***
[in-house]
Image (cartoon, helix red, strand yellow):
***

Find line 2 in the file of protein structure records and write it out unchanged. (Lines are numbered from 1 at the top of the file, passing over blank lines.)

Image (cartoon, helix red, strand yellow):